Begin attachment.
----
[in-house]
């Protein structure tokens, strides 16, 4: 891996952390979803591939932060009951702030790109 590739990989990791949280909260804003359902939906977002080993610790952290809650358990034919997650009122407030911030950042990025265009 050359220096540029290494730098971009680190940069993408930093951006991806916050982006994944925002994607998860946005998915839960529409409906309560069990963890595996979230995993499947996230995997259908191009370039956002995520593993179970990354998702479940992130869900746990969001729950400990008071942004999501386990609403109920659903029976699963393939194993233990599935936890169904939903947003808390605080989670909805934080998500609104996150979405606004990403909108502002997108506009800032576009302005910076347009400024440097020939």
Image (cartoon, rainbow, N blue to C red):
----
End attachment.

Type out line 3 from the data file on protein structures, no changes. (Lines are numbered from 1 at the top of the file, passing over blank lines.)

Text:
Image (cartoon, rainbow, N blue to C red):